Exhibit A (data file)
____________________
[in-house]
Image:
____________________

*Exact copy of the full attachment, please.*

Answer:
[in-house]
Image: